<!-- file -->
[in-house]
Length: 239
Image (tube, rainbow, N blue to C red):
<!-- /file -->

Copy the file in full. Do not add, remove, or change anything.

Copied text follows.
[in-house]
Length: 239
Image (tube, rainbow, N blue to C red):